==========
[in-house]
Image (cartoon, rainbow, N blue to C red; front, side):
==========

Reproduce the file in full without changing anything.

[in-house]
Image (cartoon, rainbow, N blue to C red; front, side):